It may have been a delicious evening. No, correction. It was a delicious evening, watching all those Euro-luvvies squirm.
Apparently, according to the Financial Times, a tattered European Union flag had been lowered to half mast in the heart of the Brussels' EU quarter even before the French polls closed at 10pm last night. That says something: flags should be struck before dusk, so it should not have been flying anyway.
But, if the Euro-luvvies get their way, the flag won't be at half-mast for long. Already, they have crafted their response, and it seems to be very much along the lines suggested by the Instituto Affari Internazionali.
Both Juncker and Barroso at the press conference after the result was declared, made reference to Declaration 30, stating that the ratification process should continue. Nothing, at least in the immediate future, must undermine the Dutch referendum.
Over the coming days, reports The Financial Times, Juncker will then meet 24 fellow European leaders, including Blair, some of whom will express severe doubts about whether they can ratify a treaty so decisively rejected by France.
Some "prominent 'yes' campaigners" in Britain, including Lib-dim Sir Menzies Campbell, are being more forthright. This one says it was "frankly silly" for Britain to proceed with its referendum. Even Nigel Farage, on Sky TV, declared the treaty "dead" and called for a broader referendum on Britain's relationship with Europe.
Liam Fox, Conservative shadow foreign minister, also piled in, calling for Blair to state whether Britain would now abandon attempts to ratify, in which case, said Fox, there would be no need to call a referendum – barely concealing his relief at the prospect of avoiding a contest that can only split the Tories.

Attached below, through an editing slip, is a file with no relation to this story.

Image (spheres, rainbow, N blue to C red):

But what all these erudite spokespersons failed to take into account is that member states cannot call a halt to the ratification process. Collectively, all 25 have committed themselves to seek ratification in their own countries. A decision to suspend or abandon the process can only be done collegially, in the European Council.
Thus, it was Chirac who got it right. Having avoided the temptation to throw his toys out of the pram, he referred in his guarded statement to the European Council meeting of 16 June. "There," he said, "I shall defend the positions of our country, while keeping in mind the message given by French men and women. But let us make no mistake, France's decision inevitably creates a difficult context for the defence of our interests in Europe."
It is at the European Council that the decision is going to be made and, on current evidence, the indications are that the "colleagues" will decide - by majority vote if need be - to continue the ratification process. Even now, some are also talking about asking France to conduct another vote, but that is for the future. At the moment, the imperative is to buy time, and continuing as before will do just that.
Straw, our own foreign secretary, gives the game away, sticking to the crafted line, that the French rejection of the treaty should be followed by "a period of reflection". What then will happen remains anybody’s guess, but the best minds of the Commission and the foreign ministries of the member states will be working on the problem.
But it was Jacques "Wheel" Barrot, the French transport commissioner, who, quoted by The Times, gives a clue. "It (the French rejection)", he said, "reminds me of the rejection of the European defence policy (by France in 1954)." And, as we reminded you recently on this Blog, from the wreckage of that rejection, three years later emerged the Treaty of Rome.
Throughout its history, the "project" has shown a remarkable ability to recover from what at the time seemed terminal disasters. So, as always, it is worth remembering that it ain't over until the fat lady sings – and she hasn't sung yet.